The NSW Government will trial five 'clever buoys' as part of a $16 million strategy to improve shark surveillance.
Shark Attack Mitigation Systems, a Perth-based company, are developing the buoys in collaboration with Optus and Google.
The buoy uses sonar technology to detect shark-sized objects in coastal areas. When a detection is made, the buoy relays a Google+ alert via the Optus network to lifeguards on nearby beaches.
Traditionally, sonar has had limited success in being able to detect sharks.
But the clever buoy uses intuitive algorithms that can be programmed to learn the details of its targets.
The system is able to differentiate between the length of an object and its propulsion through the water using sonar signatures.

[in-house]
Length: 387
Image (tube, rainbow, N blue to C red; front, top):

Using data collected about typical shark sizes and movement patterns, it is able to correctly identify sharks from other marine creatures.
So far, the clever buoy has performed successful identification of sharks in Sydney Aquarium and the Abrolhos Islands, located off the west coast of Australia.
An Optus spokesperson declined to comment while the technology “is currently in the research and development phase".